The relationship between age, gender, well-being and symptoms, and the use of pharmaceuticals, herbal medicines and self-care products in a Swedish municipality
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Background: A relatively small proportion of the population accounts for a substantial part of the public drug cost. Therefore, identifying the characteristics of high users of drugs is an important step towards limiting the cost of drugs. The aim of this study was to assess the relationship between age, gender, well-being and symptoms, and the use of pharmaceutical specialities, herbal medicines and self-care products.
Methods: A postal questionnaire was sent to a representative population sample (n=1.312) from a small Swedish municipality. The relationship between age, gender, well-being and symptoms, and the use of drugs and self-care products was tested using multivariate analysis.
Results: The questionnaire was answered by 827 subjects. The use of prescribed pharmaceuticals increased with age in both genders. Women used prescribed and non-prescribed pharmaceuticals as well as herbal medicines and self-care products more than men. Subjects who reported low scores for well-being had significantly higher odds of having used prescribed pharmaceuticals than subjects with high scores. Bad perceived health was the only well-being measure that was associated with high odds for the use of herbal medicines. Most symptoms occurred more frequently in users than in non-users of pharmaceuticals. Subjects with many symptoms (six or more) had higher odds of having used pharmaceuticals and self-care products than those with few symptoms.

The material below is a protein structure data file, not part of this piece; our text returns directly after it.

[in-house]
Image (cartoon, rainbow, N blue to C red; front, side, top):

Conclusion: High age, female gender and low perceived well-being significantly increased the use of drugs, particularly prescribed pharmaceuticals. Subjects with many symptoms used pharmaceuticals and self-care products more than those with few symptoms.
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